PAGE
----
The scenery was complimented by the lively Albanian music that someone started playing on a stereo he had set up on the upper deck. After a while, people started to take notice of the music and eventually, some people got up and began dancing. More and more people joined in until there was a veritable dance party on top of the ferry. Everyone – children, grandparents, and everyone in between – was singing along and having a good time. While the Californians planned out their next route on the map, I walked around the deck to take some photos, enjoying the music and the scenery.
The video linked below will set an authentic tone for the following photos!
“Valle Kosovare” – Shpat Kasapi
The ferry arrived at the dam in Koman around 11:00, and we disembarked on a crowded little plaza surrounded by the lake on one side and a cliff on the other side. My new friends from California rode off on their motorcycle, and I got on the furgon that was heading to Shkodër. It was a slow, bumpy ride — the road wound through the foothills of the mountains and was very roughly paved, and crumbling in many places. What looked like a quick trip on the map actually took several hours.
The driver made many random stops along the way — he got some water at a fountain coming out of the side of the mountain, stopped at a cafe to have an espresso, pulled over to talk to some people he knew, and even stopped at a little roadside market to buy his groceries. We eventually made it to Shkodër, and as I got off at the “bus station” in front of the Xhamia e Madhe (“Big Mosque”) the furgon driver pointed out the bus that would go to Montenegro.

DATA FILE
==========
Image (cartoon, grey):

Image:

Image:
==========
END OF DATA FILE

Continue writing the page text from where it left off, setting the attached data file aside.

By this time, I hadn’t eaten anything since breakfast, and I didn’t know how much longer it would be before I reached Kotor, so I took a walk around the block to grab a byrek me mish (meat pie) for the ride. Though, my Albanian failed me when I tried to also ask for ujë (water), so I let it go and hoped that I still had enough in my backpack. Heading back towards the bus area, I was hurried along by a creepy stray dog that didn’t seem to like me passing by the doorway it was sitting in, and it was just as well, because I got on the bus just as the driver decided it was full enough to leave.
The ride to the city of Ulcinj, Montenegro lasted about an hour, involving an Albanian border control and a Montenegrin border control. From there, I had planned to take a bus to Kotor, but when I heard the distressed cries of a Korean traveler at the ticket counter, I realized that may not be an option. She approached me and asked me in broken English if I was going to Kotor, and when I said I was, she led me over to the ticket counter to talk to the agent. The ticket agent was stubborn at first, saying that it was impossible to go to Kotor until the next day, but I finally managed to find out from her that a bus would leave for Kotor in an hour from Bar, a city a little further up the coast. So, I split a taxi ride to Bar with the Korean girl (about a thirty-minute ride), and we got a place on the bus to Kotor.
After about two and a half hours of driving up the dramatic mountainous (and luxurious) coast of Montenegro, we were nearing Kotor. About five minutes out, however, the suspension on the bus made a loud bang, and we felt the back of the bus nearly dragging on the ground as we pulled to the side of the road. Fortunately, as if this was part of the plan all along, an empty bus happened to be right behind us, so we just had to switch buses for the last few kilometers to the bus station (bus stations exist in Montenegro!).
So finally, after being on the road for twelve hours, in eight different vehicles, I had made it to Kotor. I had dinner in the Kotor Stari Grad (Old Town), called my family, then went on a pub crawl in the Stari Grad arranged by the hostel.
Welcome to public transportation in Albania — it sounds sketchy, but it gets you there!